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Rated 3.04 stars
by 327 people

ReelTalk Movie Reviews
Final Justice
by Adam Hakari

I've always considered the vigilante film as the cynical offspring of the action genre. It's not easy to take a life, and while Stallone or Schwarzenegger can blow away armies before lunchtime, I admire those productions that ponder if so much blood should be shed at all. I hoped the Death Note series would follow suit and use their fantasy elements to liven things up, but no dice. Such themes are present but barely contemplated, passed over to focus on a game more boring than complex. Death Note II: The Last Name isn't without its quirky qualities, but I'm disappointed it took two movies to tell viewers nothing more than a fortune cookie would.  

Death Note II continues the story of Light Yagami (Tatsuya Fujiwara), a student, who, as the mysterious Kira, can kill by writing one's name in a special notebook. As the film begins, Light has managed to evade capture and even earn a spot on the task force dedicated to bringing in Kira. But the situation becomes complicated when a second Death Note lands in the hands of TV host/wannabe pop star Misa Amane (Erika Toda). After Light takes Misa under his wing, the pair still have their greatest threat to face: L (Ken'ichi Matsuyama), the odd, candy-horking detective coming ever closer to catching them in the act. However, as determined as L may be to bring in Kira, Light is equally fixed on covering his tracks -- even if it means relinquishing the Death Note.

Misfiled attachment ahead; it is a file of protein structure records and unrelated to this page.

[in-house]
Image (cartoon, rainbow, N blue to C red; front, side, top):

As the Red Hot Chili Peppers' "Dani California" plays over the beginning credits, one might get the idea that Death Note II is the pilot for some abomination on the CW. Gladly, it's nothing of the sort, for this film actually possesses a brain (though it doesn't always know when to use it). It's a sequel that benefits from not having to set up much; with the struggle between Light and L already established, the story can get to playing out their conflict more quickly. Death Note II really hits the ground running in this department, as the first hour consists of some nice volleying between the pair. Light might have a god complex, but he's no dummy, and L's discovery of where Kira gets his power is a moment to relish. The characters are elevated to the right degrees (Light much more cunning and L increasingly cautious), with Fujiwara and Matsuyama giving tweaked performances to match.

However, for as compelling as Light and L's quarrel is, there's precious little of it to go around. Whenever either party makes a move, the movie spends what seems like forever going over what happened in agonizing detail. Death Note II is full of explaining; characters explaining what they're about to do, explaining what others are doing, and so on. But for all this talking, not much seems to be said. At nearly two and a half hours, Death Note II pushes itself to begin with, but that its core message is so yawn-inducing becomes the real bummer. It gears you up for a big huff about the ultimate meditation on justice and such, only to end on the mother of all whimpers. L is as colorful as ever, but Light still gets shafted out of a real arc; the films would have you believe he's conflicted about his powers. Instead, the dude's been nothing but a jerk from the get-go. Worse yet is Toda's character, who's given a dark backstory but spends most of her screen time in a comically kooky haze.

Although Death Note II: The Last Name is a letdown,  it's not a lost cause. I appreciate the film's overall look, the solid performances, and the twists (the clever -- not arbitrary -- ones). Perhaps fans of the manga will see their beloved tome done justice to in this faithful (albeit compressed) form. Still, for those unaccustomed to the story and wary of bladder-busting running times, little will be missed by passing on Death Note II.

MY RATING: ** 1/2 (out of ****)

(Released by VIZ VIDEO; not rated by MPAA.)

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